Characteristics and prognostic factors for pain management in 152 patients with lung cancer
Authors Shi L, Liu Y, He H, Wang C, Li H, Wang N
Received 28 December 2015
Accepted for publication 3 February 2016
Published 15 April 2016 Volume 2016:10 Pages 571—577
Checked for plagiarism Yes
Review by Single-blind
Peer reviewer comments 2
Editor who approved publication: Dr Naifeng Liu
Lei Shi,1,* Yumei Liu,2,* Hua He,1 Cong Wang,1 Hongwei Li,1 Nanya Wang1
1Cancer Center, The First Hospital of Jilin University, Changchun, 2Department of Hematology, Tianjin Medical University General Hospital, Tianjin, People’s Republic of China
*These authors contributed equally to this work
Objective: The objective of this study was to analyze the pain characteristics and factors influencing the outcome of pain control in patients with lung cancer having pain.
Methods: Pain characteristics, the effectiveness, and prognostic factors for pain control were analyzed in 152 patients with lung cancer having moderate or severe chronic pain admitted to Cancer Center of The First Hospital of Jilin University, People’s Republic of China, between January 2012 and May 2013. Information about sex, age, pathological type, TNM stage, presence/absence of bone metastases, characteristics of pain, methods, and effectiveness of pain management was recorded.
Results: Patients with non-small-cell lung cancer and small-cell carcinoma accounted for 132/152 (86.8%) and 20/152 (13.2%) cases, respectively. Among them, moderate (72.4%) or severe pain (27.6%) was reported in 73.7% of the cases at stage IV, chest or back pain was reported in 76.3% of the cases, and pain in other locations in the rest of the cases. Bone metastases were apparent in 44.1% of the patients. Neuropathic pain was noted in 46.7% of the patients, and frequent breakthrough pain was noted in 25.7% of the patients. High pain intensity was associated with frequent breakthrough pain. Pain was adequately controlled in 81.6% of the patients prescribed 3 days of analgesics. More patients reported a KPS higher than or equal to 80 after 3 days of analgesic treatment (P<0.001). Severe pain, frequent breakthrough pain, and presence of bone metastases were independent risk factors for poor pain control. Severe pain, frequent breakthrough pain, or neuropathic pain in the patients using opioids required higher doses of analgesic for pain control. Opioids plus nonsteroidal anti-inflammatory drugs offered better pain control than opioids alone.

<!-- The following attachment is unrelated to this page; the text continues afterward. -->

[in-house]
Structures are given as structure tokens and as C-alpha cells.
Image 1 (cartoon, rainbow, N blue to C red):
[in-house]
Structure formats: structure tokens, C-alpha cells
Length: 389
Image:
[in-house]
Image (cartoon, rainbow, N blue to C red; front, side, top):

Conclusion: High pain intensity is associated with frequent breakthrough pain in patients with lung cancer, which can be largely controlled with analgesics. Severe pain, frequent breakthrough pain, presence of bone metastases, and neuropathic pain are predictors of refractory pain.
Keywords: lung cancer, chronic pain, pain intensity, analgesic effects
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